The internal energy of a system changes because the system gains 180 J of heat and performs 338 J of work. In returning to its initial state, the system loses 111 J of heat. During this return process, what work is involved? If the work is done by the system, then give the work involved as a positive number. If the work is done on the system, then give the work involved as a negative number.

To find out the work involved during the return process, we need to use the First Law of Thermodynamics. The First Law states that the change in internal energy of a system is equal to the heat added to the system minus the work done by the system.

Mathematically, it can be expressed as:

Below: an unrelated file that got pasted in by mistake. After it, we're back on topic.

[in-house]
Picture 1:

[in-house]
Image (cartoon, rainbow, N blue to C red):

ΔU = Q - W

Where:
ΔU is the change in internal energy
Q is the heat added to the system
W is the work done by the system

In this case, the initial change in internal energy (ΔU) is not given, but we are given the amount of heat gained (Q1 = 180 J) and the work performed (W1 = 338 J). We are also given the heat lost during the return process (Q2 = -111 J).

Since the system is returning to its initial state, the change in internal energy (ΔU) would be zero. We can write this as:

0 = Q2 - W2

So, to find the work involved (W2), we rearrange the equation:

W2 = Q2

Substituting the given value, we have:

W2 = -111 J

Therefore, the work involved during the return process is -111 J. The negative sign indicates that the work is done on the system.